For folks that know technical things...

Discussion in 'Norrathian Homeshow' started by Uwkete-of-Crushbone, Sep 30, 2018.

  1. Uwkete-of-Crushbone Well-Known Member

    I'm looking not so much for a 3D item creator or modeler, but just a regular, fairly generic (i.e., OpenSource is a wonderful thing) 2D sort of drawing program, like CAD, but cheaper. Does anyone use anything like that, like for decorating house plotting ideas, and if so, which brand do you recommend? :)

    Uwk
    who's since given up on AutoCAD 2000 for Win7 Home Edition (siiggghhhh...) :(
    Kassamai likes this.
  2. Sigrdrifa Well-Known Member

    I like vector graphic programs. The commercial ones would be things like Adobe Illustrator (expensive!) and Microsoft Visio, but Inkscape is free.

    Visio is particularly good for this sort of thing because it has templates for interior decorating (I use Visio, and you can often pick up a copy on eBay very affordably). You have a template panel to the left, from which you drag shapes onto the work area, where they can be rotated, resized, etc.Here's an image created from the interior decorating template:

    [IMG]

    All these programs have tools for drawing as well that are very flexible. I use Visio to produce heraldry designs, and if you look at them you see they can be pretty elaborate if desired.

    If I am sharing files, I save them as SVG (scalable vector graphics, Inkscape's default file type). SVG is nice because if you rotate or resize, the image doesn't pixellate like a raster graphics image will (examples of raster tools are MS Paint, Adobe Photoshop, GNU Image Manipulation Program (better known by its initials, which the forums censor, but a good opensource freeware tool).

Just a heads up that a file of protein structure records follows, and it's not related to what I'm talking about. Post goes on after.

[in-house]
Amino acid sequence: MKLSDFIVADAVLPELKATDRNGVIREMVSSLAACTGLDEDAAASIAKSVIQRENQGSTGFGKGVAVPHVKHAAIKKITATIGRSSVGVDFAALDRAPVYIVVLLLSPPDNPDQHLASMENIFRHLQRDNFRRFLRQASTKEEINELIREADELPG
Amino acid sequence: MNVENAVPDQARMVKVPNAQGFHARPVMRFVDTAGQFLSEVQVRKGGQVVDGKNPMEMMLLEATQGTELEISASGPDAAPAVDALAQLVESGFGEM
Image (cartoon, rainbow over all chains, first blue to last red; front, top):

3. Uwkete-of-Crushbone Well-Known Member

    Oh, brilliant! Yeah, I've had pixellation issues before, I know how that can go. And I know what you mean about the GNU etc. software; I had to wonder about that name myself. ;->

    Inkscape, eh? Where did you get it from? I've been seriously considering LibreCAD (since it'll open my old .dwg files :D), but the only places you can download it from, apparently, are SourceForge or GitHub, both of which have issues, apparently. :(

    Uwk
    paranoid about a good safe site to download from
    Cyrrena likes this.
  4. Sigrdrifa Well-Known Member

    I linked Inkscape for you above.

    I use Malwarebytes and Ad Blocker Plus, and I usually have javascript turned off in my browser. This prevents most mayhem a website can inflict upon you: I have no problems with either SourceForge or Github. Well-known, highly regarded programs generally can be downloaded without fear, and if you have a competent antivirus program running, it will catch a malicious download (and what the AV misses, Malwarebytes catches). Malwarebytes has a free version. I pay for mine for the extra features.
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  5. Uwkete-of-Crushbone Well-Known Member

    D'oh! Yes, yes you did. X-P Okay, I'll go there. ;->

    Okay, cool; I'll probably look up SourceForge. Our watchdog is pretty paranoid and catches just about everything (and tells us right away, which is why we don't have Norton any more: "Ya wanna quit me? Okay, whattaya want me to do with this virus I found?" "WHEN WAS THIS...?" "Oh, about 2 years ago. You want it back?" "No, just kill it and get out. Please let the door hit you on the bum on the way out."). ;->

    Thanks again! :)

    Uwk